Kiwi rider dies in fall during cross-country
MATT BOWEN AND HARRY PEARL
The "kindest rider ever seen sitting on a horse" fell off his mount yesterday, suffering fatal injuries.
Tom Gadsby won over much of the New Zealand equestrian world and had his sights set on leading it when he approached fence 4B during the cross- country at Somerford Park Horse Trials in the UK.
The 26-year-old and his seven-year-old skewbald gelding fell at the fence.
Gadsby suffered fatal injuries - the horse walked away unhurt.
At the time his mother Louise was travelling home. Last night, speaking while in transit in Singapore, she said how proud she was as she watched her son compete just days earlier.
"When I was listening to the announcers talking about Tom, when he was riding, they were saying 'I wonder who is going to knock him of the perch this time?' " she said.
"He was becoming really well known really quickly, and I just felt at last he's got the chance to be where he wants to go."
She had spent a week travelling with her son in Paris and London prior to the event, and described their trip as a "special time".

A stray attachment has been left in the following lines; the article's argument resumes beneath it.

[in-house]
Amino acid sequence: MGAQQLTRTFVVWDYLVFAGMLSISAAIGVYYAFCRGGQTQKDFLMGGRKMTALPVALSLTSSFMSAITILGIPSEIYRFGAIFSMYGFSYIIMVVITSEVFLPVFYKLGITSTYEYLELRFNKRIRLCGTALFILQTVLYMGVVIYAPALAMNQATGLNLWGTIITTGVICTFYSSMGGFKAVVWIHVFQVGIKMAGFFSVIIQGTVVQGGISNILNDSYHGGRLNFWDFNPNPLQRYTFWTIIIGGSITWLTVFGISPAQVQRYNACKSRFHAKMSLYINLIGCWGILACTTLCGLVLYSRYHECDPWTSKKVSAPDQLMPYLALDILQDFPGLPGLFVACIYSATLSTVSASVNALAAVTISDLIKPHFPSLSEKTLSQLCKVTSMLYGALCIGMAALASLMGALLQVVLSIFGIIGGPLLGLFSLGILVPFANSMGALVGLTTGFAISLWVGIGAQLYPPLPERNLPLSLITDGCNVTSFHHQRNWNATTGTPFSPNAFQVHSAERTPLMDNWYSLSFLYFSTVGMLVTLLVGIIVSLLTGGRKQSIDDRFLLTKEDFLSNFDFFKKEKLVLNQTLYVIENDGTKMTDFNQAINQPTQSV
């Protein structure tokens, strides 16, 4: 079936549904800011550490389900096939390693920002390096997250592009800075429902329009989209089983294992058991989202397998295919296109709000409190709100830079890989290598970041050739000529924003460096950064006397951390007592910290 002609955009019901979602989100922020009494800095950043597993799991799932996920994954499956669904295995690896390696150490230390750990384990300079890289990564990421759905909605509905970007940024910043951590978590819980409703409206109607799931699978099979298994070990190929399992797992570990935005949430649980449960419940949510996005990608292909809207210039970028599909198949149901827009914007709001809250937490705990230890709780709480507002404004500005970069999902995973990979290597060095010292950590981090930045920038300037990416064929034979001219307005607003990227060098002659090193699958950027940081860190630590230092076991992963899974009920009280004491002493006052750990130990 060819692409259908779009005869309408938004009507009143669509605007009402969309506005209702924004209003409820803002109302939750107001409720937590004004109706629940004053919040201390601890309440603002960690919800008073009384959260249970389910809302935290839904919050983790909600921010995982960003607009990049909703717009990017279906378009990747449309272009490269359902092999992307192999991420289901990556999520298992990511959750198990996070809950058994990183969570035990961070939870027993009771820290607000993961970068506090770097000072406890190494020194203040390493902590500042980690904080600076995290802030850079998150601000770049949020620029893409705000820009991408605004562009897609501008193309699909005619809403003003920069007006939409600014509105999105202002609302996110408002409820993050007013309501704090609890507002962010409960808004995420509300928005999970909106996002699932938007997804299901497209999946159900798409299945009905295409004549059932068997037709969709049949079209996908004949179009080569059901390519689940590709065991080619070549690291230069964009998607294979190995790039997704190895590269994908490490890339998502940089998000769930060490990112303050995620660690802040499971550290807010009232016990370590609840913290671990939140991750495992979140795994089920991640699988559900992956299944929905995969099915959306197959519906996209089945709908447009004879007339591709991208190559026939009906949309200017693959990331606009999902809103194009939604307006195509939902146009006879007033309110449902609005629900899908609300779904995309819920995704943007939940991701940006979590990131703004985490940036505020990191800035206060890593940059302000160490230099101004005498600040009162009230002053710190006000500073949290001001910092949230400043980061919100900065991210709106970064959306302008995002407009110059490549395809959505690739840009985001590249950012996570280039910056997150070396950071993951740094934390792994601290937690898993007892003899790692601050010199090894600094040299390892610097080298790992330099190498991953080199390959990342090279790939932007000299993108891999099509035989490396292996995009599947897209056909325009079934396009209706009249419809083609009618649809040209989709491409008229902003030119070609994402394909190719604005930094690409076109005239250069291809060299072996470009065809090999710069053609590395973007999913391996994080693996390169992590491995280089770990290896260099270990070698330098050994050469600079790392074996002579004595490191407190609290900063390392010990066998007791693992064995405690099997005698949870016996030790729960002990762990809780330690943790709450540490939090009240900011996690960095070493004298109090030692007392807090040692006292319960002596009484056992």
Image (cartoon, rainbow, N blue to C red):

"I just thank God that I went over there and we had that time together."
She said her son had aspired to be among the best and had worked hard to achieve his goal. "It's been his passion since he was a very little boy."
Equestrian Sports New Zealand chief executive Jim Ellis described Gadsby as a "rising star".
He said the number of deaths in eventing has decreased over the past 20 years due to various safety measures. The toll now sits at about one life, worldwide, every two to three years.
Gadsby's was a "rotational fall" which tended to happen at slightly slower speeds where the horse trips at the top of an obstacle, goes over head first and the rider gets rotated off the front.
The relatively slow speed of the jump means the rider isn't thrown clear of the horse and the sheer weight of the animal is the danger.
Raised at Pakaraka, near Kerikeri, Gadsby got a job in his early 20s with top Kiwi showjumper Katie McVean at Mystery Creek in Hamilton.
McVean was still overseas yesterday but her sister Emmalee Browne said she became close friends with Gadsby.
"He was great to talk to and just a great person to have around. He was a good mate and I'll miss him a lot."
Friend Debs Hill took to Gadsby's Facebook page saying his death was a "huge loss to the world".
"The kindest rider I've ever seen sitting on a horse. Rip to a truly lovely man."
British Eventing, EquestrianSports NZ and the International Equestrian Federation will investigate Gadsby's fatal fall as will relevant UK authorities.
- © Fairfax NZ News